Being very sceptical when it comes to opening new authors, people sometimes prefer to read old and yet undiscovered books by favourite writers or await their latest releases. Vandal Love by Deni E. Béchard yet unknown to a vast amount of readers is not a bad thing to spend money and time on as it following the path of some great books earned fame through ages.
Vandal Love by Deni E. Béchard
Vandal Love is a book by a Canadian-American novelist Deni Ellis Béchard. Being published in 2006, Vandal Love had won Commonwealth Writer’s Prize in 2007. Later works established author’s success even more. Deni E. Béchard is also known as talented photojournalist focused on environmental and human rights issues. Vandal Love received warm reviews in various magazines: Publishers Weekly compared Deni E. Béchard with “Márquez with a French-Canadian twist.”
Vandal Love started with a brief history of the Canadian family and its “curse”. All women in this family are giving birth only to giants and little people. Giants are mighty, but dumb and poor emotionally while little people (Lilliputians?) tend to be kind and educated children but dies in their adulthood.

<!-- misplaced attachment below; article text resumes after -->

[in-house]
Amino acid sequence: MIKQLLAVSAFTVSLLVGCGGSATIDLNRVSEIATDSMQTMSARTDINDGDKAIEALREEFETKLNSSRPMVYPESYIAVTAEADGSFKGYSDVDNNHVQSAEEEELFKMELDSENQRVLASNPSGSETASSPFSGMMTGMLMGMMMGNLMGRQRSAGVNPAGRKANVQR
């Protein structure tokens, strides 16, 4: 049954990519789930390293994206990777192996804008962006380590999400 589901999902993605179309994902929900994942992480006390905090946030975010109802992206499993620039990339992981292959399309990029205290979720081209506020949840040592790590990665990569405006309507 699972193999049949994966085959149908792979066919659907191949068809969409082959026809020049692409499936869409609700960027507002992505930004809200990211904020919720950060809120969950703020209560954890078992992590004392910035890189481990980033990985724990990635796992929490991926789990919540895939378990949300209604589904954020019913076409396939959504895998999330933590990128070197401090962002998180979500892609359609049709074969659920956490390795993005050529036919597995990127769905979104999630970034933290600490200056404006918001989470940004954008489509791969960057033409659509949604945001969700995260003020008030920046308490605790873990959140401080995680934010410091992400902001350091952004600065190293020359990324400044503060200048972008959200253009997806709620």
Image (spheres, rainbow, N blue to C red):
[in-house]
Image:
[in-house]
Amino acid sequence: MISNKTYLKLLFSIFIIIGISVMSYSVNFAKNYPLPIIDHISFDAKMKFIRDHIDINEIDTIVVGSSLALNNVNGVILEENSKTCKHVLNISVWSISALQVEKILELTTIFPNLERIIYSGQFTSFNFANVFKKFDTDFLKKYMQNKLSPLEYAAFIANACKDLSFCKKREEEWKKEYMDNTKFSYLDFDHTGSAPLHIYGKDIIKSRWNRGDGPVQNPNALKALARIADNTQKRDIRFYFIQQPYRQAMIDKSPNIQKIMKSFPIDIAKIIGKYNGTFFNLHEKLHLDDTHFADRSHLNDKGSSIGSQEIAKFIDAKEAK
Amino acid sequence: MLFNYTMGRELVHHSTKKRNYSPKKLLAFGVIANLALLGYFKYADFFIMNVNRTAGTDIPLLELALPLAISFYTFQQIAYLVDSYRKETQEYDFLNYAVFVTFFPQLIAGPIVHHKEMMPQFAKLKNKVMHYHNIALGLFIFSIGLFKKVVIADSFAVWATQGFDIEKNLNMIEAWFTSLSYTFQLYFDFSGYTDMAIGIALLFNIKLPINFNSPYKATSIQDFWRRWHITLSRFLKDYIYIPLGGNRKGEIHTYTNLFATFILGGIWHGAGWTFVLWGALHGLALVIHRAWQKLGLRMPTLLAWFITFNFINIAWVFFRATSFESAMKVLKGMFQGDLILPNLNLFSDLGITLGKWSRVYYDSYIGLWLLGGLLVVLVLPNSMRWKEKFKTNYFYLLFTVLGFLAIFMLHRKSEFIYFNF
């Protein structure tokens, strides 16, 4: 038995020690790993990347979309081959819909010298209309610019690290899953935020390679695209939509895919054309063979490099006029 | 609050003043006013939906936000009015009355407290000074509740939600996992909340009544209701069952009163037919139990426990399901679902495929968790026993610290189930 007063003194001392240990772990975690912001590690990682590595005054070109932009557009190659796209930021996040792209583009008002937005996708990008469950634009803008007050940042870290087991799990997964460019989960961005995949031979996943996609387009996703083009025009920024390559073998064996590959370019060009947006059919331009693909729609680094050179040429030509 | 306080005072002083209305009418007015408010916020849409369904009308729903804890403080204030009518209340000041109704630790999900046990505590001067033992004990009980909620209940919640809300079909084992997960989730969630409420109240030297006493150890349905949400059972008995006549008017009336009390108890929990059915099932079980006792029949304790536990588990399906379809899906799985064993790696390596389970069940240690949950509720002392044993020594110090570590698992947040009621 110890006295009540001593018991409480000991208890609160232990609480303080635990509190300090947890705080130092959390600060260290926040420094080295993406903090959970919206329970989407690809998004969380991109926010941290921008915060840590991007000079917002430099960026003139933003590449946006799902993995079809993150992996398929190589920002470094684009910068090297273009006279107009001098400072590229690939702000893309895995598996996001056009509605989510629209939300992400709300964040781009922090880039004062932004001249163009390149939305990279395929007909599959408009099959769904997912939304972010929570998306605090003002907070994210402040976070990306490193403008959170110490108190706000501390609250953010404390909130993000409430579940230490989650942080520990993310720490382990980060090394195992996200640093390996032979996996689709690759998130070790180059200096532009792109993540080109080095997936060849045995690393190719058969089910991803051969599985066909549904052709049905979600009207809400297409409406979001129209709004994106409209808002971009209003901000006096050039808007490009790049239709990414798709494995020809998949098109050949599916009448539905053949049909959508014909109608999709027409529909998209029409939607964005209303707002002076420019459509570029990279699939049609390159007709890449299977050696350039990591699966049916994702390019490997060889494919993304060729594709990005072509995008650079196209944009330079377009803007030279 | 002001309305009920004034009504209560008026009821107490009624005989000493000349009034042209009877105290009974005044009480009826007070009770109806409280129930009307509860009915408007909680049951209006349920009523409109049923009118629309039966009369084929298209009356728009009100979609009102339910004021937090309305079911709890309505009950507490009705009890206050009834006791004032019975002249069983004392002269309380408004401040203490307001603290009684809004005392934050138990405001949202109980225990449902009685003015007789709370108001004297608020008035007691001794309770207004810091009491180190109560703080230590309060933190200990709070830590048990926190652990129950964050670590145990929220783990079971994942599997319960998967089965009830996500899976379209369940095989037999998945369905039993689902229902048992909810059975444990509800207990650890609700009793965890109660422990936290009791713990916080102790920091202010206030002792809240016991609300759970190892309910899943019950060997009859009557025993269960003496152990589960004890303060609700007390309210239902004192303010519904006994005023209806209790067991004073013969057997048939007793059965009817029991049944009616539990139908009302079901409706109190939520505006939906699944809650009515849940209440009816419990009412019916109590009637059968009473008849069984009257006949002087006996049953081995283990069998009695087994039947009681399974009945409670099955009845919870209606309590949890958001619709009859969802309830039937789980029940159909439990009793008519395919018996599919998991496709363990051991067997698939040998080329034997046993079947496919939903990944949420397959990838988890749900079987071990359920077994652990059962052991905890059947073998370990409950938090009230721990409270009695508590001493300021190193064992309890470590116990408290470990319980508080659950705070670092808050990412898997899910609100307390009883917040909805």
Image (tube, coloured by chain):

Young Jude lost his little sister and moved to the US driven by the grief, willing to find his path in this life as well as understanding why several members of his family decided to abandon everything and move abroad. As the story unfolds, we are observing Jude’s story and stories of his child and children of his child. Always on the roads of America close to nature, trying to find own goals in life.
The plot is emotionally following One Hundred Years of Solitude by Gabriel García Márquez. The story of a simple working people unfolds before our eyes: the story of a charm and attraction thankfully to Deni E. Béchard’s writing style. A simpler living, one with nature, described in honest and sufficient words. Reading Vandal Love is not about poetry and rare words: don’t try to find pearls in this waters.
Characters and their thoughts and motives are a little bit straightforward. Deni E. Béchard painted them traditionally, and their actions are somehow predictable. However, as Vandal Love is a book about several generations of men and women, these schematic portraits are justified by the idea of showing “cursed” family “in common” as it was in One Hundred Years of Solitude, where only one or two protagonists were well developed.
Vandal Love was doomed to end exactly the way it ended. Deni E. Béchard left us with the intense feeling of anxiety, discontent and sad fate lying upon the characters shoulders.